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What can you make? Staff in the Red Room at the Childcare Centre, Darlington College, make use of all available space to encourage children to work independently. This includes utilising the backs and sides of storage units as well as screens and wallboards.

What can you make?

Staff in the Red Room at the Childcare Centre, Darlington College, make use of all available space to encourage children to work independently. This includes utilising the backs and sides of storage units as well as screens and wallboards.

Planned learning intentions

To select and use activities and resources independently To show interest by sustained construction activity or by talking about shapes or arrangements To join construction pieces together to build and balance Resources

* Storage unit or screen * brightly coloured backing paper * contrasting border roll * digital camera * paper * computer * printer * range of construction equipment * sticky-backed plastic

Step by step

* Play with children in the construction area, building simple models from a range of construction equipment such as Duplo or Mobilo.

* Explain that you are going to take photographs of some of the models and display them on the back of a storage unit or screen in the area so that the children can try to recreate them.

* Invite children to help you to choose a selection of models with contrasting colours and shapes and photograph them individually against a clear coloured background, such as a red chair.

* Print out enlarged colour versions of the photographs on A4 paper.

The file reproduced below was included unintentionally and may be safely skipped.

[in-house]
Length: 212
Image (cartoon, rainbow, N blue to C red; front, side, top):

* Think of an appropriate question about each one to encourage children to make more detailed observations, for example, 'How many Sticklebricks will you need to make this model?' or 'How many red Lego bricks are in this model?' Type out the questions in large lettering along with a main caption, 'What can you build?', and print them.

* Back the storage unit or screen with the backing paper and attach the border. Glue on the printed photographs with their associated questions alongside and cover the whole display with sticky-backed plastic.

Activities

* Encourage the children to play freely, building models of their choice and trying to recreate those on the display. Visit regularly to make your own models, read out the questions and draw attention to colour, size, shape and pattern.

* Change the display regularly, asking children for suggestions about what to include.

Dionne Sheehan is a senior early years practitioner in the Red Room at The Childcare Centre, Darlington College. She spoke to Jean Evans

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